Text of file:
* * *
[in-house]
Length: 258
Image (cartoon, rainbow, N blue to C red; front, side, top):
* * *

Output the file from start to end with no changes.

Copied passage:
[in-house]
Length: 258
Image (cartoon, rainbow, N blue to C red; front, side, top):